When I travel on work to London, I agonise over what to wear. What I *want* to wear is some of my sarees. I know I will look confident and attractive - but Lord, I won't fit in. And it's a bit disconcerting in meetings when people keep eyeing your midriff/waist. It's strange - in London, there's so much cleavage on display at work, and men don't stare. But when it's comes to saree-clad midriffs, there are definitely some startled glances. It is irritating at meetings, when you're standing up to make a presentation, and the audience is not looking at your face.

Anyway - what I end up wearing is clunky business jackets, hating how they fall on my five-foot-nothing frame. I tell myself it makes business sense to not look exotic, when you're trying to convince some staid banker that you know what you're talking about. But I resent the unspoken rules. I don't *want* to fit in!

On some recent trips, I've started wearing the saree (to hell with the consequences). Perhaps it's a sign of new-found confidence, or perhaps it is just vanity. I don't know.

Wednesday, January 17, 2007

There's always someone smarter

Did you spot the special feeding of the crows in Bombay yesterday?

Several houses laid out food in the morning, on plates made of banana leaves. This feeding of crows is one small part of Pongal, the Tamil harvest festival.


Not that Bombay's crows need any help with finding food!

They're among the smartest birds I've seen.

A couple of weeks ago, I saw two of them balancing coolly on top of a moving taxi, pecking at the bag of meat loaded on it. It was Bakr-Id that day, and the taxi had the remains of the day's sacrifice of goats. The two guys in the taxi had no clue their food was being eaten on the sly. My driver laughed when I said, look at those crows making fools of those men!


Another common sight in Bombay is crows stealing fish. You'll see them launching stealth attacks on vans and handcarts and taxis, merrily making a meal of the day's fishing catch.

Like I said, crows are smart. The only time that they get hoodwinked is by that other clever Indian bird, the koel.

The koel (the Indian cuckoo) lays its eggs in crows nests. And baby koels keep the deception going by cawing like crows. Devious, man!

Speaking of cuckoos - we learnt this rather philosophical Sanskrit poem at school. It's about the fine art of discernment:

Kakah krishna pikah krishna

Ko bheda pika kaka yoho?
Vasanta samaye praptey
Kakah kakah pikah pikaha

The crow is black, and the cuckoo is black
What difference, then, between crow and cuckoo?
When spring arrives, it's easy to tell**
That the crow is a crow, and the cuckoo a cuckoo.

**alluding of course, to the sweet song of the cuckoo in spring.

Saturday, January 13, 2007

One-stop mini mall

As I walk along the streets of Matunga, I marvel at how South Indian culture has been transported to this small stretch in central Mumbai.

This tiny pavement shop is a perfect example.

It sells all the little things that Brahmins need to live life as prescribed by the Vedas. The Vedas contain rites and rituals for important events such as birth, marriage and death. The central element in the rituals is the sacred sacrificial fire.

The long Kusa grass you see stacked on the left is laid on the floor around the sacred fire for purifying the area. Shorter Kusa grass is twisted around the ring finger while offering oblations into the fire. Small twigs of the banyan tree are used to feed the flames. The fire itself is built using dried cowdung cakes as fuel (see if you can spot it in the picture!).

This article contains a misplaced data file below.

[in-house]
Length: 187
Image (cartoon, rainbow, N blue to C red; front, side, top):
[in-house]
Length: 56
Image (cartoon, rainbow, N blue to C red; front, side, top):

On the shelves at the top of the shop, you can see little containers with sandal powder, camphor, sacred ash and turmeric. A little plastic has crept into the packaging, but in all other ways, the rituals remain the same as they were four thousand years ago.

We looked around for the shop owner, and spotted him taking an afternoon nap.

Obviously, Bombay's modern-day rush
hasn't yet reached this corner of Matunga!

- JK

Saturday, January 06, 2007

Wednesday, January 03, 2007

Climbing the Sahyadris

Just a hundred kilometers from Mumbai, the Sahyadri hills begin.

This New Year weekend, we decided to go climb one of the hills to see the ruins of Korigad, a fort built on top of the hill.

There are nearly 350 forts in Maharashtra, evidence of a martial past, when the Marathas fought long and hard to shake off Mughal rule. Some of Maharashtra's forts are large strong cunning affairs, built on islands in the sea, or on the shore - but many like Korigad are small clever mountain hide-outs in the Sahyadris.

What makes the Sahyadri forts interesting is the way the very mountain lends itself to warfare.

You see, unlike the Himalayas, which were formed by two tectonic plates colliding, the Sahyadris are a relict of an ancient table-land, whose sides have been scooped out by massive erosion. (Check out the Deccan Uplift map, very cool pics)

How does that help in warfare?

In two ways - first, the sides of the mountains are steep. The
climb is so steep in places that invading armies can't come up except in ones and twos.

And second -
the top is flat! In fact, it's so flat that Korigad actually has a lake on top, inside the fort. What a clever place to hole up! There's probably water enough to last for a few months in troubled times.

There's a Marathi saying -
Jyanche kille, tyanche rajye. He who owns the forts, rules the land. When I went to Korigad, I could see the sense in it.

Here's a photo of husband and me at the top, inside the fort. You can see how flat it is. Behind us is a small part of the lake (full pic here). At the far end is the fort wall.

Why is the wall only 8 feet tall? Because the other side of the wall is a sheer drop, of course! Barring the one route by which we came up, the other sides of this hill are steep and difficult to climb. They knew what they were doing when they picked this place for a hide-out!

The coolest thing about Korigad is actually the fact that it is so close to Bombay - just two hours away - and yet so charming and unspoilt. We sat on the fort wall, in the shade of a leafy bush. We ate salted peanuts, drank cold water, played desultory word games and watched the birds. The afternoon was quiet and still, we had the entire fort to ourselves. I could hear bees buzzing. The breeze and the sun were doing their bit as well, making me drowsy.

I tell you, I've become a Sahyadri fan.